Bryan Garner, Garner's Modern American Usage, second edition (2003) has a useful entry on this matter:
DATES. ... B. Month and Year. February 2003 is better than February of 2003. Stylebooks have long agreed that no comma should appear between the month and the year. Among the mountains of evidence that might be amassed are these sources: The Washington Post Deskbook on Style 127 (1978); Kate L. Turabian, A Manual for Writers of Term Papers, Theses, and Dissertations 30 (5th ed. 1987); Publication Manual of the American Psychological Association 63 (4th ed., 1994); Scientific Style and Format 227 (6th ed., 1994); Joseph Gibaldi, MLA Handbook for Writers of Research Papers 70 (1999); Allan M. Siegel & William G. Connolly, The New York Times Manual of Style and Usage 101 (1999); Webster's New World English Grammar Handbook 161 (2001); The Chicago Manual of Style 253 (15th ed., 2003).
It is therefore strange to encounter an article in The New Yorker, one of our best-edited journals, in which January, 2000 and March, 2000 appear on the first page, and then five similar references appear throughout the piece. (See Scott Turow, "To Kill or Not to Kill," New Yorker, 6 Jan. 2003, at 40–47.) This seems anomalous: almost every professional editor would immediately delete the superfluous commas.
Garner might also have mentioned The Associated Press Stylebook and Briefing on Media Law (2002):
When a phrase lists only a month and a year, do not separate the year with commas. When a phrase refers to a month, day and year, set off the year with commas.
EXAMPLES: January 1972 was a cold month. ...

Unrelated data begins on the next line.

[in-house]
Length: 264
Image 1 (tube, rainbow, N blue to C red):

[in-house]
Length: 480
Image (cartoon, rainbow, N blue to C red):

and Words into Type, third edition (1974):
When only the month and the year are given, commas are unnecessary.
[Example:] He began writing in May 1971 and finished in April 1972.
and The Oxford Guide to Style (2002):
7.10.1 Order [in Dates] Dates should be shown in the order day, month, year, without internal punctuation, as 2 November 1993. A named day preceding a data is separated by a comma: Tuesday, 2 November 1993. There is no comma between month and year: in June 1831.
On the other hand, a quick check of the December 11, 2017 issue of The New Yorker finds the magazine still hewing to the practice of including a comma in "month year" phrases. For instance, Jon Lee Anderson, "Accelerating Revolution,"uses it six times:
The battle, fought by Bolívar's partisan's and Spanish royalists in June, 1821, was the crucial victory ... In February, 1992, Chávez launched a coup attempt ... In December, 1993, Maduro went with a group of young comrades ... In legislative elections in December, 2015, the opposition trounced the P.S.U.V., ... In November, 2016, Maduro said, ... He was alluding to an executive order that Obama had signed in March, 2015 ...
As with all issues involving punctuation style, the first question a writer should ask in, "What style guidelines am I obliged to satisfy?" If the answer is "None," the writer can decide whether to follow preponderant publishing-house usage or to follow personal preference (if the two do not coincide). And in the case of "month[,] year" punctuation, the preponderance of usage clearly supports the no-comma option.